3. Vladislav Tretiak
It was a tough choice to place Tretiak on this list considering he never played in the NHL and he retired in 1984 when I was five years old, but it wouldn’t be a complete list without him either. He won three goal medals with the Soviet Union and would have won a fourth had it not been for the “Miracle on Ice” in 1980 when he took home silver. After surrendering two first period goals he was benched and the rest, as they say, is history. Despite being drafted to play in the NHL by Montreal, he was not allowed to leave the country while under Soviet rule and instead retired early at the age of 32. He is one of very few members of the Hall of Fame that never played in a North American league. However, in fourteen seasons in the Soviet league he won thirteen titles. Since the Soviet block fell, he has served as a goal tending coach and consultant right here in Chicago with the Blackhawks. During his time with the Hawks he has coached Ed Belfour, Dominik Hašek, Jocelyn Thibault, and Martin Brodeur. While portraying USA head coach Herb Brooks in the movie “Miracle,” Kurt Russell is quoted as saying, “If you score on Tretiak, keep the puck. It doesn’t happen often.”

4. Martin Brodeur
This guy has had a phenomenal career and if you talked to anyone from New Jersey, they would have you believe that Marty belongs at the top of the list. However, as was the case with the Colorado Avalanche at the peak of Patrick Roy’s career, Brodeur always had the benefit of tremendous blue-liners in front of him. His New Jersey Devils were so good at their style of neutral-zone trapping that they single handedly caused the NHL to change several rules to create more scoring. Nobody benefited more from the old rules than Brodeur, who is second on the all time list for wins and shutouts. He has spent his entire 15-year career with the Devils, only missing the playoffs once. After sitting on the bench during the 1998 Olympics and watching Patrick Roy lead Canada to Bronze, he was the starter in Salt Lake City (2002) and led them to Gold. It was just announced today that Marty won his fourth Vezina Trophy and he also has several NHL records to his credit. Among his other achievements, he is also the only goalie in NHL history to score a game-winning goal.

5. Tony Esposito
Like Tretiak, it was a tough call placing Esposito on this list considering he retired in 1985 and I was only born in 1979. Also like Tretiak, it wouldn’t be a complete list without him. He didn’t play much with the Montreal Canadians, but won a Stanley Cup there in 1969 before being left unprotected and taken by the Chicago Blackhawks off waivers. It was with the Hawks that he won the Calder Trophy for rookie of the year in 1970 and eventually three Vezina Trophies. He is also considered one of the pioneers of the butterfly style, the most common goal tending style in the NHL today. He is one of just eight goaltenders to ever with the Vezina Trophy catching right handed and is credited with the first ever victory against the Soviet Union while playing for Team Canada in 1972.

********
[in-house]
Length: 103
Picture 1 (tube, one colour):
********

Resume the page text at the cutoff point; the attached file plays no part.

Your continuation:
Juuuuust a bit outside. He tried the corner and missed.”

Grant Fuhr – Five Stanley Cup titles with the Edmonton Oilers and one Vezina Trophy, Wayne Gretzky has often been quoted as saying that Fuhr was the single greatest goalie of all time. Born of biracial parents, he became the first black Hall of Famer although the focus on his race took away some of the luster from his induction ceremony.
Ed Belfour – Won the Vezina twice with the Chicago Blackhawks and took them to the Stanley Cup finals only to lose to Mario Lemieux’s Penguins in 1992. He finally won the Stanley Cup when the Dallas Stars and referees cheated in 1999 and also took home gold with Canada in 2002.
Mike Richter – He played fourteen seasons with the New York Rangers and is considered one of the best American-born goaltenders in NHL history. Won a Stanley Cup in 1994 and a silver medal while backstopping the United States in the 2002 Olympics.
Curtis Joseph – A solid goalie for the better part of eighteen NHL seasons, Cujo also won gold with Team Canada in 2002. He gets mentioned mostly for his six fantastic seasons in St. Louis, but also because it was at this point in his career where Mrs. Miami and friends used to stalk him while they were still in high school.

3 Comments:

At 12:37 PM, June 13, 2008, Anonymous mrs. sizemore said...

What, no Kuh-bib-you-lan?

 
At 2:55 PM, June 13, 2008, Blogger Cap said...

haha. Gene would be so mad at you!

 
At 2:59 PM, June 13, 2008, Anonymous mrs. sizemore said...

Gene would be okay with it because I'm cuter than you.

(kidding)

I'm gonna make Gretzky's head bleed for Superfan #99 over here :)

 

Post a Comment

<< Home